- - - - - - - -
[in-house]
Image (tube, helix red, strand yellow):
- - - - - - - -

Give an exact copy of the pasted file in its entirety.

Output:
[in-house]
Image (tube, helix red, strand yellow):